Q I had an inexplicable experience with Word 2011 and Mail 6.0: a colleague sent a Word .doc document from his Windows PC. When I opened it from within Mail, the content shown was from an older but similar file that he had sent previously. Another colleague using Word 2004 saw the correct content instead. What has happened?
A Save that enclosed file to your Documents folder then open it using Word, just to confirm that that on your Mac is the older version. If it is, the most likely explanation is that confusion has occurred due to a bug or file system error, and Mail has somehow picked up the older version of the document rather than that enclosed. Try checking your startup disk using Disk Utility, to confirm that there are no disk errors on it: for instance, the disk directory could be pointing incorrectly at the older rather than the newer file.
Mail keeps its attached files in sub-folders named Attachments within the structured tree inside the respective mailbox folder, in ~/Library/Mail/V3 (older versions may use V2). As far as I can tell, it uses the same mechanism for fetching the file when you open it from within Mail, as when you save the file outside your mailbox. Therefore any difference between those suggests that you might have a duplicate Attachments folder, or another error that could cause Mail to become confused.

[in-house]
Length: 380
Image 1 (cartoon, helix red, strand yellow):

Although it is unlikely to account for this problem, Word native .doc format can carry an extraordinary amount of overhead, in the way of old versions of documents, etc. If someone has used an earlier version of a doc and then changed the content to create a newer doc, it is common for a lot of the original content to remain in the doc file; this can be reflected in the file size.
One way to force Word to do a bit of housekeeping and clear out the old stuff is to Save As. But in many cases, that is only done with the original template, and not when the content has been replaced. When a different version of Word, or an application that relies on a third-party library to access Word format files, is used to open such a file, it could misinterpret the content and show older material from within the file.
If other users have had similar problems, please let us know what caused them.
Comments This remains a completely enigmatic problem, and no matter how hard I try, I am unable to simulate or imagine conditions which could account for this. Perhaps it is best to put it down to cosmic rays?!
Updated from the original, which was first published in MacUser volume 28 issue 24, 2012.